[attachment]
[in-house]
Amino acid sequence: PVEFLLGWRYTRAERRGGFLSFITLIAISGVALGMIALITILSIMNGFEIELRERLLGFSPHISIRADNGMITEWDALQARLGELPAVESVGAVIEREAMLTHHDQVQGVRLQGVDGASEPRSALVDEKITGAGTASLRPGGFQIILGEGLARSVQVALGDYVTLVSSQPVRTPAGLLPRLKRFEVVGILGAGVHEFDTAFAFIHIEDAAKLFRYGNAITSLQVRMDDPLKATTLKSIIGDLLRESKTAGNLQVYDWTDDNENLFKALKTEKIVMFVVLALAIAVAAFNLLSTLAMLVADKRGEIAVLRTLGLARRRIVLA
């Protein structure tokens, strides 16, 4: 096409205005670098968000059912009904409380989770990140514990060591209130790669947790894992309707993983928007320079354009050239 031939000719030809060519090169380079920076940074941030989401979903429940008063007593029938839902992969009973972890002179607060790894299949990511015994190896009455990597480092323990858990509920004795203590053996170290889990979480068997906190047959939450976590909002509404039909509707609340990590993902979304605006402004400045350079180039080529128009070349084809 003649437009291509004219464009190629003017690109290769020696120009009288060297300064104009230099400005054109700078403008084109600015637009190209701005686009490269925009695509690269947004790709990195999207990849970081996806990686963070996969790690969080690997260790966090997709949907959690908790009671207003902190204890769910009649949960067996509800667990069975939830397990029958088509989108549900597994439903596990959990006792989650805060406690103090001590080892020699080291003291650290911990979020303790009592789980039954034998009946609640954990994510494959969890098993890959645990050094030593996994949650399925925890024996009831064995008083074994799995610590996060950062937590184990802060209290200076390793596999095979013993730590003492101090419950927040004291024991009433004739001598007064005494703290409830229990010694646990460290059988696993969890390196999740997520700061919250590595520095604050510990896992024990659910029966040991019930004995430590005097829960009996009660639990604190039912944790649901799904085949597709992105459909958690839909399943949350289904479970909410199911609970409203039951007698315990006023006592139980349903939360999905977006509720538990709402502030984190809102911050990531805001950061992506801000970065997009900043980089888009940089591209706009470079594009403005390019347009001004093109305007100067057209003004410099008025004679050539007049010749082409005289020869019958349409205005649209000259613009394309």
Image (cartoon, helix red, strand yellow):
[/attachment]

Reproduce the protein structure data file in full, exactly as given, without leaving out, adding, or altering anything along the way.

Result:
[in-house]
Amino acid sequence: PVEFLLGWRYTRAERRGGFLSFITLIAISGVALGMIALITILSIMNGFEIELRERLLGFSPHISIRADNGMITEWDALQARLGELPAVESVGAVIEREAMLTHHDQVQGVRLQGVDGASEPRSALVDEKITGAGTASLRPGGFQIILGEGLARSVQVALGDYVTLVSSQPVRTPAGLLPRLKRFEVVGILGAGVHEFDTAFAFIHIEDAAKLFRYGNAITSLQVRMDDPLKATTLKSIIGDLLRESKTAGNLQVYDWTDDNENLFKALKTEKIVMFVVLALAIAVAAFNLLSTLAMLVADKRGEIAVLRTLGLARRRIVLA
């Protein structure tokens, strides 16, 4: 096409205005670098968000059912009904409380989770990140514990060591209130790669947790894992309707993983928007320079354009050239 031939000719030809060519090169380079920076940074941030989401979903429940008063007593029938839902992969009973972890002179607060790894299949990511015994190896009455990597480092323990858990509920004795203590053996170290889990979480068997906190047959939450976590909002509404039909509707609340990590993902979304605006402004400045350079180039080529128009070349084809 003649437009291509004219464009190629003017690109290769020696120009009288060297300064104009230099400005054109700078403008084109600015637009190209701005686009490269925009695509690269947004790709990195999207990849970081996806990686963070996969790690969080690997260790966090997709949907959690908790009671207003902190204890769910009649949960067996509800667990069975939830397990029958088509989108549900597994439903596990959990006792989650805060406690103090001590080892020699080291003291650290911990979020303790009592789980039954034998009946609640954990994510494959969890098993890959645990050094030593996994949650399925925890024996009831064995008083074994799995610590996060950062937590184990802060209290200076390793596999095979013993730590003492101090419950927040004291024991009433004739001598007064005494703290409830229990010694646990460290059988696993969890390196999740997520700061919250590595520095604050510990896992024990659910029966040991019930004995430590005097829960009996009660639990604190039912944790649901799904085949597709992105459909958690839909399943949350289904479970909410199911609970409203039951007698315990006023006592139980349903939360999905977006509720538990709402502030984190809102911050990531805001950061992506801000970065997009900043980089888009940089591209706009470079594009403005390019347009001004093109305007100067057209003004410099008025004679050539007049010749082409005289020869019958349409205005649209000259613009394309």
Image (cartoon, helix red, strand yellow):